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It only takes saying ‘yes’ to what you really want once, for the rest of your life to fall into place.

A little story…

Have you ever used Hinge? If so, you will remember their clever prompts, designed to elicit insightful answers from the users and in so doing, ‘spice up’ their bios.

One of these prompts has stuck in my mind and become something I try to return to, whenever I feel lost or stuck.

The answer to this question is likely to change depending on our life circumstances, shifting priorities, and values. …

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If you’re reading this, chances are that you’re already a good person. Or at least aspiring to be. At the end of the day, only an aspiring ‘good person’ would even contemplate this question.

Surprisingly, though, some of the best-natured people I know, hold a deeply ingrained belief that, somehow, they are inherently not ‘good enough’ or plain ‘bad’.

Flawed — maybe. Aren’t we all?

But bad? It takes an intention to harm, conscious maliciousness, and propensity to derive joy from the misery of others for someone to be bad. …

What I wish my twenty-year-old self had known.

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My Dearest Love,

Firstly, you are not broken. The confusion and despair you sometimes feel in your inability to find purpose behind your existence, is what everyone around you feels. Befriend that feeling. It will visit you often.

It’s beautiful how stubbornly you search for that magical ‘meaning of life’. Don’t stop. It is what makes you ‘you’, even if others at times get tired of that part of your soul. It’s also the reason why they are drawn to you in the first place.

I’m not the biggest fan of Valentine’s Day, whether I’m in a relationship or not.

In the former scenario, it usually makes me feel like I should be doing something special on that day and put unnecessary pressure on myself and my partner, forgetting that what really counts is how we treat one another every day of the year, not just on the 14th of February.

And when I’m single, well… it just makes me feel shit to be single.

As newly single, I’d lie if I said that I didn’t find this year’s Valentine’s Day difficult. …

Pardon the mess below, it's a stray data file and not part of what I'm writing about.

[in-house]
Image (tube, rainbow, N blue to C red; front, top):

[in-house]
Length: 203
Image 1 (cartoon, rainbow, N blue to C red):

As discussed in our previous articles, exercise and movement are a brilliant way to battle stress — they fill your body with endorphins and take your mind away from unhelpful thoughts or behaviours. Unless you fall into extremes, whereby you start over-exercising and damaging your body (putting it under distress), there’s no real downside to exercise.

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However, something that came as a surprise to me, was that actually the time of the day when you exercise can significantly increase its stress-relieving impact long term. …

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As we’re approaching the end of 2019, many of us look back at the passing year, evaluating how we did, and forward into 2020, thinking of what we’d like to do differently.

If you’re like me, you probably tend to put an emphasis on all the things that didn’t go quite according to plan; and while it’s important to recognise and learn from our mishaps, over-emphasising ‘the negative’ can adversely affect your attitude in the coming months.


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While Christmas is known as ‘the season to be jolly’, it can also be exceptionally stressful for many of us.

The pressure to attend multiple parties at work and with friends (and excessive eating and drinking inevitably linked with those), financial strain associated with buying christmas gifts and covering travel costs to visit our beloved ones, lack of time, or even rekindling familial connections we’d rather stay away from, are only a few of the reasons why many of us are, in fact, secretly dreading Christmas — at least partly.

We often might be tempted to shrug the holiday pressure…

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I am sorry to break it to you, but most of what you’ve learnt about stress from your parents, teachers and wellness educators probably isn’t true. I’m sure they didn’t mean to lie to you; they probably had your best interest at heart. But the truth is that the two most commonly repeated statements about stress, if taken literally, can be more fatal than an encounter with a great white shark.

These two statements are:

a. ‘Stress is bad for you’.

b. ‘Stress is good for you’.

Both of them can of course be true, depending on circumstances, but none…

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One of my favourite sayings, and one that you will hear me refer to time and time again, is, ‘if you change the way you look at things, the things you look at change’. Sounds like one of those inspirational quotes on Instagram? Maybe, but its message gets quite profound in the context of managing stress.

In a 2012 longitudinal US study, researchers tracked 30,000 adults for 8 years, asking them each year how much stress they had experienced and whether they believed that stress was harmful for them. Then, after the study ended, they checked who from the whole…

Break-ups are one of the toughest experiences humans have to go through. Regardless of how long the relationship was, how amicably the two people parted, or who initiated it, break-up can leave us confused, irritated, and depressed for a long period of time, questioning our sense of self, loveability, and concept of love in general.

Importantly, researchers found that break-ups not only affect us mentally, but also physically. Have you ever felt like your heart was literally breaking and in pain after a break-up? …

Agnieszka Zbieranska

Business Psychologist, Life Coach & NLP Practitioner, 200hr Yoga Teacher. A firm believer that we can all be better than ‘ok’, in every area of our lives.

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